Kim Potter breaks down in tears on stand as she recalls moment Daunte Wright told her 'you shot me'

OFFICER Kim Potter broke down in tears on stand Friday as she recalled the moment Daunte Wright told her "you shot me" at a traffic stop near Minneapolis.

The former Brooklyn Center officer claimed to had used a gun instead of a Taser when she fatally shot Wright in April and described the “look of fear” on another officer’s face when trying to keep the 20-year-old from driving away.



"We were struggling. We were trying to keep him from driving away," Potter said. 

"It just went chaotic." 

Potter emotionally added: "I remember yelling, ‘Taser, Taser, Taser’ and nothing happened. And then he told me I shot him."

Potter, 49, was charged with first-degree and second-degree manslaughter for fatally shooting Wright on April 11.

THE CASE

The former Brooklyn Center police chief has said he believes Potter meant to use her Taser on Wright instead of her handgun.

Body camera video shows her shouting “Taser!” multiple times before firing. The shooting ignited days of unrest.

Wright’s family members and protesters had wanted prosecutors to file murder charges.

The shooting happened amid the trial for Derek Chauvin, the white former Minneapolis police officer who was convicted of murder for pressing his knee against George Floyd’s neck as the black man said he couldn’t breathe.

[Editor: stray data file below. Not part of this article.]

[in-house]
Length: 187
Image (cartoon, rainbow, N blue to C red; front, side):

Police have said Wright was pulled over for expired tags, but they sought to arrest him after discovering an outstanding warrant.

The warrant was for his failure to appear in court on charges that he fled from officers and had a gun without a permit during an encounter with Minneapolis police in June.

Police body camera video shows Potter approaching Wright as he stands outside of his car as another officer is arresting him.

As Wright struggles with police, Potter shouts, “I’ll Tase you! I’ll Tase you! Taser! Taser! Taser!” before firing a single shot from a handgun in her right hand.

The criminal complaint noted that Potter holstered her handgun on the right side and her Taser on the left, both with their grips facing rearward.

To remove the Taser — which is yellow and has a black grip — Potter would have to use her left hand, the complaint said.

Intent isn’t a necessary component of second-degree manslaughter in Minnesota.

The charge — which carries a maximum penalty of 10 years in prison — can be applied in circumstances where a person is suspected of causing a death by “culpable negligence” that creates an unreasonable risk and consciously takes chances to cause a death.

Wright family attorney Ben Crump has disputed that the shooting was accidental, arguing that an experienced officer knows the difference between a Taser and a handgun.

Experts say cases of officers mistakenly firing their gun instead of a Taser are rare, usually less than once a year nationwide.

Brooklyn Center was moving toward firing Potter when she resigned shortly after the shooting.


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